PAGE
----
Teaching the 2020 Election in Elementary

Teaching the 2020 election in elementary

The election is around the corner, and if you are on the fence about whether or not to discuss the election with your elementary students, I'm here to give you a gentle nudge forward. Talking about the elections can be intimidating, especially during a time of political polarization, but we shouldn't shy away from this discussion.

Kids are not too young to participate in our democracy

I get that it's easy to justify skipping over the topic of voting and elections by saying that kids are too young to vote anyway, so it's ok if we wait to discuss. But the reality is that everyone can participate in our democracy.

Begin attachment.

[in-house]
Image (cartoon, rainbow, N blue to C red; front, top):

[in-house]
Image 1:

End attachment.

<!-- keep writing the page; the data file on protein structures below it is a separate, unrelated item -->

Here are some things that kids can do:

They can talk to their parents and friends about the importance of voting.

They can share their knowledge about voting with others.

They can write letters and advocate for change.

They can participate in a cause.

A great book for discussing what it means to be a citizen is What Can a Citizen Do? by Dave Eggers. This book provides ways that our students can get involved. "A citizen is not what you are, a citizen is what you do."

Simulations are a proven practice of civic learning